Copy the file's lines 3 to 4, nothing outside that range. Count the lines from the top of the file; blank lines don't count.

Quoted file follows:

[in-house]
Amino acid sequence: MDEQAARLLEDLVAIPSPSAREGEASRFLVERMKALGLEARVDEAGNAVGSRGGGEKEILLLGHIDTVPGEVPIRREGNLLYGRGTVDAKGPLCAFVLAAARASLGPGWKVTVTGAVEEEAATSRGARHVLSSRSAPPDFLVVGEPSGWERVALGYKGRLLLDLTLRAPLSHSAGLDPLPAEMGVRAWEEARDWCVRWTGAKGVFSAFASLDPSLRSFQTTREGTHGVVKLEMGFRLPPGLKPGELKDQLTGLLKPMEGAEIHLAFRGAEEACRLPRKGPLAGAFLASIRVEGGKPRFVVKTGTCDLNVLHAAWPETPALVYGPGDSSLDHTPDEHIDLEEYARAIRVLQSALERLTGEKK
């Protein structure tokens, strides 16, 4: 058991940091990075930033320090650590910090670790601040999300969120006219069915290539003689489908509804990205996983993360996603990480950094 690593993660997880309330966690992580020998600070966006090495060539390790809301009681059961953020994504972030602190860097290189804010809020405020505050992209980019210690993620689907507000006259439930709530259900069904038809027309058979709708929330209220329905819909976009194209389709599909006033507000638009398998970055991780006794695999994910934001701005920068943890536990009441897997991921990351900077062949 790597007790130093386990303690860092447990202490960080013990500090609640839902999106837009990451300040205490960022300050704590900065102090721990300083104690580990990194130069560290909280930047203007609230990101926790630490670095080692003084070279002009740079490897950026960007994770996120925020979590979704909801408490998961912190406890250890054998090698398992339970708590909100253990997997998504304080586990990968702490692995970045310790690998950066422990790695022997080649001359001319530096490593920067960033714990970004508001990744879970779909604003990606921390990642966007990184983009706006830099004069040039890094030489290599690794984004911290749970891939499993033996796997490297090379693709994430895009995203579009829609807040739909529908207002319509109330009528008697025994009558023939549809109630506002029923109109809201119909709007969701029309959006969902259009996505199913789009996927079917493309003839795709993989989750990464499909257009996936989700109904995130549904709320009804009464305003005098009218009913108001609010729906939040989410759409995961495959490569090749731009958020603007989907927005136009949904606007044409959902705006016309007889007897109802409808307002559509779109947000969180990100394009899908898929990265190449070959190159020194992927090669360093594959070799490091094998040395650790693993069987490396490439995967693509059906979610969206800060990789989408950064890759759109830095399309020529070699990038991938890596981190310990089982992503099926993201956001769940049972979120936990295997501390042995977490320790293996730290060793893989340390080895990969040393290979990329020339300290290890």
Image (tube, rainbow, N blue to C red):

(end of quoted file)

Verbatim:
């Protein structure tokens, strides 16, 4: 058991940091990075930033320090650590910090670790601040999300969120006219069915290539003689489908509804990205996983993360996603990480950094 690593993660997880309330966690992580020998600070966006090495060539390790809301009681059961953020994504972030602190860097290189804010809020405020505050992209980019210690993620689907507000006259439930709530259900069904038809027309058979709708929330209220329905819909976009194209389709599909006033507000638009398998970055991780006794695999994910934001701005920068943890536990009441897997991921990351900077062949 790597007790130093386990303690860092447990202490960080013990500090609640839902999106837009990451300040205490960022300050704590900065102090721990300083104690580990990194130069560290909280930047203007609230990101926790630490670095080692003084070279002009740079490897950026960007994770996120925020979590979704909801408490998961912190406890250890054998090698398992339970708590909100253990997997998504304080586990990968702490692995970045310790690998950066422990790695022997080649001359001319530096490593920067960033714990970004508001990744879970779909604003990606921390990642966007990184983009706006830099004069040039890094030489290599690794984004911290749970891939499993033996796997490297090379693709994430895009995203579009829609807040739909529908207002319509109330009528008697025994009558023939549809109630506002029923109109809201119909709007969701029309959006969902259009996505199913789009996927079917493309003839795709993989989750990464499909257009996936989700109904995130549904709320009804009464305003005098009218009913108001609010729906939040989410759409995961495959490569090749731009958020603007989907927005136009949904606007044409959902705006016309007889007897109802409808307002559509779109947000969180990100394009899908898929990265190449070959190159020194992927090669360093594959070799490091094998040395650790693993069987490396490439995967693509059906979610969206800060990789989408950064890759759109830095399309020529070699990038991938890596981190310990089982992503099926993201956001769940049972979120936990295997501390042995977490320790293996730290060793893989340390080895990969040393290979990329020339300290290890």
Image (tube, rainbow, N blue to C red):